The UK Labour Party have released their Animal Welfare Manifesto (28 August) and the British Veterinary Association (BVA) has welcomed the renewed calls for animal sentience to be embedded in legislation.
The manifesto sets out several other action points closely aligned with BVA’s manifesto, including a call for a ban on the keeping and trading of primates as pets, and a recommendation for closer working with dog welfare organisations to tackle the issue of puppy smuggling. It covers domestic, wild, farm, and marine life as well as seeking to improve animals used in sport and research.
As part of its 50-point Animal Welfare Manifesto for Government, Labour is urging the Government to embed the principle in law as quickly as possible, to ensure that government and public bodies must have due regard to animal sentience. It also calls on the Government to expand its definition of sentience to cover cephalopod and decapod crustaceans, to ensure that species such as lobsters and squid will also be protected in the new legislation.
The foreword of the manifesto, by Sue Hayman MP, states: “Our vision is one where no animal is made to suffer unnecessary pain and degradation and where we continue to drive up standards and practice in line with the most recent advances and understanding. The policies set out here in our Animal Welfare Manifesto are the next stage in that journey.”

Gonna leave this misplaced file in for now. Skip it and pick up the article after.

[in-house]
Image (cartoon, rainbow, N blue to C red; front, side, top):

BVA has been campaigning hard for animal sentience to be enshrined in UK law before Brexit, and coordinated an open letter on the subject from over 1,200 vets, vet nurses and students towards the end of 2017. To date, a decision on when and in which legislative vehicle sentience will be embedded has not been made public.
Simon Doherty, BVA President, said, “It’s good to see sentience near the top of Labour’s very wide-ranging list of animal welfare priorities for Government, and we hope that they will note the renewed impetus behind enshrining this fundamental principle of how society should treat all species into law as quickly as possible.
“There is considerable and long-standing professional and public feeling behind the campaign to enshrine sentience, which makes it all the more disappointing that it still hasn’t been given the go-ahead despite government assurances that they are committed to the legislation and underpinning principles. Parliamentary time may be tighter than ever before, but there is a golden opportunity here to make the UK’s status as a global leader on animal welfare resoundingly clear.
“We’re also pleased that the Labour Party echoes many of BVA’s concerns and campaigning priorities in other points of this extensive document. We will continue to engage closely with parties and stakeholders to keep momentum up at this crucial time on the issues that matter most to our members.”